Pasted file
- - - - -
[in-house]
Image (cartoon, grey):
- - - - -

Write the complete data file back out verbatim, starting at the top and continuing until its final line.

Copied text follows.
[in-house]
Image (cartoon, grey):